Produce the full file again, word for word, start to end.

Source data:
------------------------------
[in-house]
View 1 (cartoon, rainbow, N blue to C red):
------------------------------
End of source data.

[in-house]
View 1 (cartoon, rainbow, N blue to C red):